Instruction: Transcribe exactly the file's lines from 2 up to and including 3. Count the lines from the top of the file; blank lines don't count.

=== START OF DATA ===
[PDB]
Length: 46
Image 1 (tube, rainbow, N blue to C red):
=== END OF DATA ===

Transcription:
Length: 46
Image 1 (tube, rainbow, N blue to C red):